Metro Detroit’s planning is killing us, through injury, stress, and obesity.  It is a public health disaster with many symptoms, but one underlying cause:  the region’s leaders allowed planners and developers to shape it around a mid-twentieth century auto-centric paradigm.

The good news is that it’s not at all suburbs-versus-Detroit thing, as many suburbs have preserved or cultivated “complete streets” to degree far beyond anything you see in Detroit itself.  By addressing pedestrian safety, job sprawl, and mode of transit as issues of public health, and by demanding that our planners, traffic engineers, and transportation officials make it safer for non-motorists to get around, everyone can win.

At the very least, shouldn’t we be motivated by the opportunity to lose a few pounds?

Michigan — a leader in road diets?

A bit of much-needed good news on the Michigan transit front:

Recent preliminary research… suggests that Michigan could be the national leader in road diets and having road diet supportive policies in place. Analysis of in-state existing and planned 4 to 3 lane conversions (road diets) yields some early and impressive results:

  • The Tri-County region (Clinton, Eaton, Ingham) has completed 15 miles of conversion from 4 to 3 lanes. An additional 18.5 miles of conversions are planned by 2035.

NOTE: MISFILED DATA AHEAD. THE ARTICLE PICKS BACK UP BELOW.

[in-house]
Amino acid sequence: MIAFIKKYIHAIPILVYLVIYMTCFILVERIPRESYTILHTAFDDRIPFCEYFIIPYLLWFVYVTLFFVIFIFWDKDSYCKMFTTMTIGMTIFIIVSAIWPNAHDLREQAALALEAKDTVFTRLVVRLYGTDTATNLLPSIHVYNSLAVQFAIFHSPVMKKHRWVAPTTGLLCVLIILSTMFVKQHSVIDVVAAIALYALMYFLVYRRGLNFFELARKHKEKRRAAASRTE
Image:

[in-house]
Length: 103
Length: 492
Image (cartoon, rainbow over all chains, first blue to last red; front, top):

• The Genesee County Metropolitan Planning Commission has completed approximately 19.5 miles and released a 2009 Complete Streets technical report that depicts many more by 2035.
  • The Michigan Department of Transportation has completed at least 45 miles of road diets on state trunklines around the state.

Hamilton and Morena have surveyed state DOT’s and regional transportation authorities across the country and found few places that compare to these numbers. Add in that Michigan has adopted Complete Streets laws and also has the highest number of local communities that have adopted Complete Streets policies, and one can quickly come to the conclusion that Michigan is becoming a progressive, national leader in active transportation.

(HT Michigan transit watchdog Joel Batterman)

What’s so great about a road diet, you may ask?  In addition to slowing the average speed of cars, thereby potentially reducing severity of crashes, it allows for the addition of bike lanes and/or adding or widening of sidewalks, making it safer for cyclists and pedestrians.  The name is kind of catchy, too.

I’ve never before heard of the Governors Highway Safety Association…

But it kind of sounds like it is run by idiots.

For more reasons than one.